Also, what does it mean that 13% “deal” with homelessness? Define “deal.” How long do they not have a roof over their heads? Please be specific. Where do they sleep: on the street or some makeshift dwelling, in a library, on a friend’s couch, in a shelter? The answer makes a world of difference. Again, if it’s “all of the above,” we need to talk.

    The next question is “Why?”

    Let me be painfully blunt. If you have 40 hours to spare by being a full-time college student AND you are hungry and homeless, the question is not “how do we help these college students get food and shelter?” The question is “why are they in college instead of working??”

    If you are in a precarious economic situation *because of college* –because you are not working to support the requirements of human life– the immediate, real-life solution is that you absolutely must drop out of school. The solution is not to make colleges even more expensive through “food pantries and grants for students.”

    Yes, yes. I realize it’s unbelievably harsh to suggest that anyone work. That mother nature makes us exert physical and mental effort in order to put food into our bellies and a roof over our head is truly cosmic injustice — because shouldn’t we all be sitting in a lecture hall pursuing our intellectual passions instead? But unfortunately, food and shelter happen to be two major requirements for human survival on this planet. The higher education industrial complex is not. If it just so happens that someone can’t have their higher education and eat their cake too, they need to make a choice.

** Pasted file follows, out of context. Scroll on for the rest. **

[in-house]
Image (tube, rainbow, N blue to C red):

We are not talking about people who have severe mental illnesses that prevent them from functioning in society. We are not talking about a battered wife who has fled her spouse and has no other friends or family to stay with. We are not talking about orphaned street children. We are, as far as I know, talking about able-bodied bright, young men and women. Is “earning income through a full-time job” truly not on the table here – yet “emergency grants and food pantries” are? I’m sorry, what? If these students have no income while in college and have no way to eat or have shelter, how is engaging in a productive, income generating-activity NOT an actual solution? What am I missing here?

    • If you’re in a dead end job and hungry, you should have gone to college.
      If you’re in college to try to get qualifications for a better job (and still hungry), you should drop out and get a dead end job.
      Neoliberal life lessons.

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  5. Sorry but someone who was a hungry and homeless college student, the absolute last place I would receive sympathy (much less services or aid) was from groups devoted to maligning women’s studies or “sjws” or “crybullies” or whatever Marxist bogeywomyn its fashionanle to mock these days. Just look at Peter’s comment. The godawful sociology (not a science!!!) majors spending most of their days tearfully begging for triggerwarnings and single handedly destroying free speech spend their nights reading up on LGBT homelessness and poverty among single parent students. Sometimes in between sessions of shooting an effigy of the patriarchy they organize food drives and petition their student governments for assistance regarding these issues. WTF

    • Lisa says

      Exactly. The limousine liberals who went to New School were very focused on poverty of minorities but had contempt for poor whites – the attitude seemed to be, since you’re white you had all advantages, so it’s your loser family (they didn’t seem to get it that when you’re 18 or 19 & on your own there’s not too much you can do). Very classist, very arrogant. I understand my poverty was not their problem but the sneering attitude, holy cow. Another reason I became conservative.